Pupils at firetrap school for 6 years

More than 200 primary students were attending a school for six years before it was discovered it was a serious fire hazard, the Irish Examiner has learned.

The school in north Dublin was signed off on by the Fianna Fáil-led government of the time in 2008. However, a routine inspection in 2014 found it had so many fire safety concerns it could have collapsed during a blaze in just 20 minutes.

Once the defects were uncovered at the Rush and Lusk Educate Together national school, the Dublin Fire Brigade ordered the Department of Education to make immediate repairs costing more than €800,000 to make the building safe.

The school was built by Western Building Systems, from Coalisland, Dungannon, Co Tyrone, in 2008 on foot of a Department of Education request, before being given to multi-denominational group Educate Together as a temporary home.

In early summer 2014, when the department formally told the group the facility was now its long-term location, the school’s board asked an architect to examine the site it had already been using for six years due to ongoing issues with leaks in windows and the roof, sound proofing on doors, and other matters.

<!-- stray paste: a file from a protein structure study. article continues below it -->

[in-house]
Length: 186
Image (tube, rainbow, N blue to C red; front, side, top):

The architect’s report also uncovered serious fire safety concerns, including:

  • The lack of cavity barriers within walls to prevent a fire from spreading;
  • Steel girders which were not coated with intumescent paint to protect the structure during intense heat;
  • The storage of combustible material in escape routes;
  • Inadequate ‘fire stopping’ on fire-resistant doors to prevent smoke seeping through during a blaze.

After discussions with the Department and the school’s board, Dublin fire brigade was asked to intervene.

Dublin Fire Brigade fire prevention officer Mary O’Brien told the school board in early June 2014 that the problems were “a matter of urgency” and that, if left unaddressed by the department — which had “the responsibility for the fire safety of the premises” as it was the “owner” — the standard 60-minute period to safely evacuate the facility during a fire would be cut to just 20 minutes.

After the school’s board contacted parents by letter on June 12, 2014, the Department of Education’s building section unit conducted its own examination. It subsequently spent more than €800,000 to repair and address the structural issues involved over a four-month period up to September 2014.

Educate Together declined to comment when contacted, as “it is the Department of Education that is responsible for overseeing the construction and maintenance of school buildings”, while Western Building Systems has yet to respond to a request for comment.

The department said its initial “on-site technical evaluation” led to it commissioning “an in-depth, detailed report which involved an extensive and invasive survey of the school building”. However, it has yet to provide this document.

Editorial: 12

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